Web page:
For Laura Bradley, smashing stigma around cannabis comes in the form of an outdoor café in an Ontario beach town where customers can smoke weed.
It’s been two months since Bradley opened Behind the Bend, an open-air cannabis consumption lounge in Grand Bend that’s abiding by what rules it can, and preparing for potential regulations to come.
The café is located behind Bradley’s cannabis store, The Bend Cannabis Co.
Since the walls are permeable and there isn’t a roof, customers can smoke pot while enjoying a charcuterie box and playing board games.
“I didn’t ask for permission,” she says of her discussion with the city. “I said, ‘I’m going to create a safe space in my backyard where people consume and just keep it off the beach, keep it off the streets, keep it away from the families and the children.’”
Grand Bend Beach is smoke- and vape-free, and she says the city and community haven’t raised any concerns yet.
There was some uncertainty about opening a cannabis café in a bustling beach town prone to partying, enough that Bradley preemptively set the cafe’s closing hours before last call.
“Everybody’s making friends and having a good time,” she says. “The number one thing that I’ve been blown away by is how much camaraderie there is back here.”
Customers are getting to know one another, they help clean up at the end of the night, and two months in, not a single game piece has been lost, Bradley adds.
‘Trying to follow what I think the rules will be’
The Smoke-Free Ontario Act prohibits smoking and vaping indoors, so Bradley’s setup is working within those rules.
And with food being prepared in a separate shed on the property, she says it’s considered more of a food truck.
“None of the food is prepared in the areas where they’re consuming cannabis. So again, the rules aren’t actually written for what I’m doing, but I’m following all the existing rules,” she tells Mugglehead by phone.
“The rules haven’t really been written for this yet. So I was just trying to follow what I think the rules will be.”
Government-issued ID is needed to get in and all staff have their Smart Serve training to monitor for intoxication. Weed can’t be bought at the café and any pot being smoked must be from the legal market and customers need a receipt to prove it.
Not only is she striving for a space where new and experienced cannabis users feel welcome, but one that could help shift the industry.
In part, that means retiring the notion that stoners would only want candy or nachos at a cannabis café, which is why Bradley’s menu is far from that. Eventually, she wants to include cannabis-infused items when that’s allowed.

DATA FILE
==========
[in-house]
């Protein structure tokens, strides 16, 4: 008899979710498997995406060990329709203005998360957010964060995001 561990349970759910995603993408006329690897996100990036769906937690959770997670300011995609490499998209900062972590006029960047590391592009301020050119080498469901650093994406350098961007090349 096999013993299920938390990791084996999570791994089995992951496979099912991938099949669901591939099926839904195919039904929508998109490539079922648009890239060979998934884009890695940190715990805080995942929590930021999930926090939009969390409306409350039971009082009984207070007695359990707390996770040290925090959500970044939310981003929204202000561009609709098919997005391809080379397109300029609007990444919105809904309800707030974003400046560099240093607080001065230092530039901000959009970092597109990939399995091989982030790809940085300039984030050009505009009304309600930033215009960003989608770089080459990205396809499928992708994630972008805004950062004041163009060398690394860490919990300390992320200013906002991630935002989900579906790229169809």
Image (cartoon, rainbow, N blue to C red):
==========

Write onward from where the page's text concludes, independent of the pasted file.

Bradley also hopes that by example her café can help expedite consumption lounge rules by showing one way to run one. With that, however, comes added pressure.
“If we make mistakes, then we have a lot of negative outcomes from this, then the rules will take a lot longer to get written,” she says. “I’m really just trying to be careful so that we can push harder, go faster, and everybody can start doing this.”
Given the seasonal nature of business in Grand Bend, Bradley isn’t anticipating enough foot traffic to stay open through the winter anyway. And if she added a covering as a roof to the outdoor space, it would violate provincial smoking rules.
Cannabis consumption lounges not quite allowed in Canada
Indoor public cannabis consumption has yet to be permitted in Canada, though some lounges — like Vancouver’s New Amsterdam Cafe — have been operating outside of laws for decades.
The Hot Box Café, in Toronto’s Kensington market, claimed the title of Canada’s first legal consumption lounge in 2019, after working with officials to allow pot smoking on its back patio.
The few places in Canada that have mulled over the idea of allowing consumption lounges haven’t followed through yet.
Ontario had been considering consumption lounges early last year, though the province noted that didn’t include smoking or vaping.
In Alberta, a recent exemption included in The Tobacco, Smoking and Vaping Reduction Act made it possible for indoor cigar lounges to open but not cannabis consumption café.
South of the border, cannabis consumption lounges are allowed in multiple states and some cities.